D.C. Mayor Muriel Bowser this week announced plans for the city to provide $100 million in aid for hospitality and entertainment businesses that are still reeling from a protracted public health crisis, with restaurants set to receive the largest portion of the fund.
The D.C. Council passed the Business Support Grants Emergency Amendment Act in July, authorizing the city to launch a new program it’s calling “the Bridge Fund.” The city is setting aside a $35 million slice of that pie for up to 700 restaurants that will receive $10,000 to $50,000 apiece. Another $30 million will go to hotels, $20 million will go to entertainment businesses, and $15 million will go to retail businesses.
The $100 million fund combines $20 million in leftover federal money from the Cares Act with $80 million from the D.C. contingency cash reserves the city has in place for “nonrecurring or unforeseen needs, including severe weather or other natural disasters, unexpected obligations created by federal law, new public safety or health needs after the budget process has occurred, or opportunities to achieve cost savings.”
While major cities such as San Francisco and Chicago have shut down indoor dining amid a wave of spiking coronavirus cases, D.C. has yet to roll back restaurant rules from its current Phase 2 reopening guidelines (50 percent capacity indoors and outdoors, 6 feet of distance between tables, no standing, no bartop service). Maryland has reduced indoor dining capacity limits on state and county levels, and Virginia moved earlier this week to cut off alcohol sales in bars and restaurants at 10 p.m.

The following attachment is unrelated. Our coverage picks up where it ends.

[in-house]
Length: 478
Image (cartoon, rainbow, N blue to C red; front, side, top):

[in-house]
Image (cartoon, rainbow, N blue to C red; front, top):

Bowser said in a news conference this week that D.C. could ramp up restrictions “soon,” but the city has also been more conservative in moving through its reopening phases than neighboring governments. The U.S. as a whole has seen a 20 percent spike in cases over the past week. D.C. has seen a 42 percent spike in that time. As of Wednesday, November 18, the daily case rate and rate of transmission both indicated “substantial” community spread levels on par with the first phase of D.C.’s reopening criteria.
Based on contract-tracing data the city collected from November 6 through November 12, 25.8 percent of people who tested positive for COVID-19 reported they had eaten at a restaurant within two weeks of showing symptoms or receiving results. The city’s contact tracers do not ask people who tested positive if they ate outside or inside, where the risk of exposure is higher.
In comments made to the Washington Post, Kathy Hollinger, president and CEO of the Restaurant Association Metropolitan Washington indicated that local industry leaders are already bracing themselves for more government intervention
. “This grant is about allowing a pause to happen if needed and just sustain through what we know will be a really hard winter,” Hollinger told the Post. The city reports that its “hospitality and leisure” sectors have lost 30,100 jobs since January 2020.
Hotels will receive the first batch of local stimulus money from the Bridge Fund, with grant applications expected to open Monday, November 23. Restaurants will be able to start applying for grants December 7. The initial announcement did not include information on what type of restaurants would be eligible to apply, or spending requirements for the Bridge Fund money.
D.C. has already rolled out multiple programs to throw lifelines to struggling restaurants. The DC Small Business Microgrants Program, started March 17, reported paying out more than $10 million to 1,028 restaurant and food service businesses. Events DC, the city’s sports and entertainment authority, and RAMW partnered to fund about $9.9 million more in microgrants. Independently owned D.C. restaurants with a maximum of 50 employees were able to access a Small Business Resiliency Fund that doled out $3 million to cover emergency operational costs.
Through November 12, a “Streatery Winter Ready Grant” program from the Mayor’s Office of Nightlife and Culture had paid out $3.25 million to 542 D.C. restaurants. That financial commitment, covering purchases like tents and heaters, would represent a sunk cost if D.C. moved to ban outdoor dining.